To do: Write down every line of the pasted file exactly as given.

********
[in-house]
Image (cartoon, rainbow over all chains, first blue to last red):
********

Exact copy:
[in-house]
Image (cartoon, rainbow over all chains, first blue to last red):